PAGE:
CNA swings to loss in 2015 fourth quarterReprints
Driven by lower results in its property/casualty operations and a charge to its long-term care business, CNA Financial Corp. on Monday reported a $70 million net loss for the fourth quarter of 2015 vs. $198 million in net income for the comparable period a year ago.
CNA's property/casualty operations' net income was $176 million for the fourth quarter, a 45.3% decline from $322 million in the prior-year quarter.
In addition, the Chicago-based insurer's life and group noncore segment included a $198 million after-tax charge related to recognition of a premium deficiency and a small deficiency in claims reserves in its long-term care business, the company said in its statement.
In its property/casualty operations, net premiums written for the quarter increased 1.9% from the prior year quarter, to $1.59 billion, said the company. It reported a 98.9% combined ratio, vs. 91.8% for the prior year quarter.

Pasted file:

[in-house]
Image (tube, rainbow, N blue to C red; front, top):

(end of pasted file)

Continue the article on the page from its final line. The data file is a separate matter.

For the full 2015 year, the company reported $479 million in net income, a 30.7% decrease from 2014.
The property/casualty operation's net income was $914 million, an 11.3% decrease. Net premiums written decreased 1.8%, to $6.42 billion, while the combined ratio was 95.4%, vs. 97.7% for the prior year.
“Our capital position remains very strong” and property/casualty income “continues to remain stable,” said Chairman and CEO Thomas F. Motamed during CNA's earnings call Monday.
Mr. Motamed said the insurer's 95.4% combined ratio for 2015 “is the lowest it has been for five years, specialty continues to be a profitable and resilient business in a challenging environment,” and CNA's commercial segment “continues to show improvement in the underlying loss ratio.”
CNA's commercial segment, which works with an independent agency distribution system and a network of brokers, had a 101.5% combined ratio, including a 65.1% expense ratio, in 2015 vs. a 109.3% combined, including a 75.3% expense ratio, in 2014.
“We continue to invest in people, technology, processes and tools for the future,” Mr. Motamed added.